I literally had no idea what to expect as I pressed play on this album, which I discovered in the process of doing research on yesterday's post. The similarities in - uh - cover art esthetics between the two are of course intriguing, but this album is more than mere skin. As album opener "Mistress" whisks by there's a feeling of floating on air on account of the ethereal vocals and the lighter-than-oxygen synth lines. This is dream pop, for sure, and stripped down to the bare necessities of vocals, synths and programmed drums, with nary an organic instrument let loose near this duo. After a while all this airy dreamy fluffy pop gets a bit samey sleepy repeaty, and halfway through I have lost interest in Ejecta's gentle and seductive whispering. This is all very gorgeous and beautiful, but lacking in depth. An album for relaxed meditation, not for staying awake.
tirsdag 18. mars 2014
I really do like the opening track of Sky Ferreira's debut album! It reminds me of the first time I heard Garbage, back when they were fresh and exciting, mixing rock with beats you could dance to. Ms. Ferreira does the same, as this is extremely danceable whilst bringing enough guitars into the mix to please all lovers of the rock. Not all songs manage to keep my attention, and it's not always clear if she wants to rock out or be a slightly edgy popstress. And the title "Heavy Metal Heart" is a total misnomer, but for a debut album this is not bad at all. I will probably not listen to this album all the way through ever again, but there are a handful of really good songs here that deserve to find their way onto the playlists of music fans young and old!
mandag 17. mars 2014
There once was a band called Fruupp. And just knowing that makes the world a slightly better place. These guys existed during the first half of the seventies, and progressive rock is what they delivered unto the world. This particular album was their debut, and released in that most wondrous of years, 1973! After an intro of lush violins, there is found a bounty of neck breaking guitar riffs to please those who love their rock hard, but constantly interspersed with contrasting soft and gentle vocal harmonies and melody lines. Apparently these Northern Irelanders supported both Queen and Genesis during their lifetime, and by the sound of it they would have fit both bills perfectly. There are some really inspired moments here, such as the straight forward blues sections midway through "Lord of the Incubus", and it's easy to imagine that fans of bands like Uriah Heep or Deep Purple would also find plenty to love within these songs. Especially the vocals, courtesy of Vince McCusker, have a David Byronesque quality to them. Their name might not have been the most streamlined of monickers, and apparently was constantly spelled wrong by more or less everybody, but probably seemed like a good idea at the time. And this album is pure greatness!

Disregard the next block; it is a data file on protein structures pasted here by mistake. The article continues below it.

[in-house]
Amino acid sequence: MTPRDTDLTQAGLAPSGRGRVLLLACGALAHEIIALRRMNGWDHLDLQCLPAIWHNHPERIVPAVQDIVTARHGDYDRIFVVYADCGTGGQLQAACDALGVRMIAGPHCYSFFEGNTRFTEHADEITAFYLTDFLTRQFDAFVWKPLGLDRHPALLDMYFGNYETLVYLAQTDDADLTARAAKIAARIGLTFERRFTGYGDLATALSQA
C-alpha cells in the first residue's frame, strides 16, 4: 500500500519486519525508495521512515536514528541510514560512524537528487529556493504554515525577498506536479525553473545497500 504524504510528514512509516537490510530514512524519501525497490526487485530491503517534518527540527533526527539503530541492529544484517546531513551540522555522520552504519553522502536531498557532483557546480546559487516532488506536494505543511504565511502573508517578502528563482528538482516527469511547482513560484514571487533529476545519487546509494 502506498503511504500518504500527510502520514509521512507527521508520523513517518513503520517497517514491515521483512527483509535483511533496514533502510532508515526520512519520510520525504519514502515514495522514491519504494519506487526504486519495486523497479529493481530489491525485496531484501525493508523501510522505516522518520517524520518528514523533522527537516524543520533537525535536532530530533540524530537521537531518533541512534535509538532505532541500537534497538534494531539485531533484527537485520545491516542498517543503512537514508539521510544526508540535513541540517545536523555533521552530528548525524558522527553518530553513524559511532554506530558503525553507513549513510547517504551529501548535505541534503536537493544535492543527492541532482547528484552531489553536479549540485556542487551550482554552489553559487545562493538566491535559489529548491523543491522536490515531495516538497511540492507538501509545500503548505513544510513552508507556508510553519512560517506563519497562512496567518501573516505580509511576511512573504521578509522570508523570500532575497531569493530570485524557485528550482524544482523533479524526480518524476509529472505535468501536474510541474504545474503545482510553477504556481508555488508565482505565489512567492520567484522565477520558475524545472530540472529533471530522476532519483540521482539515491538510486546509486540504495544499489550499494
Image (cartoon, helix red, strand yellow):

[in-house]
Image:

søndag 16. mars 2014
Pretty cool Texan band, who obviously loved to jam. And when I say pretty cool, I mean mostly forgettable. I will give them credit due for being what they were - early forefathers of heavy metal. In Texas. Some tunes, like opener "Crazy Man", are quite good in a Sabbathy way, but most of this material just sounds dated. Also, the title track doesn't do itself any favours by plodding along for over 17 minutes...
lørdag 15. mars 2014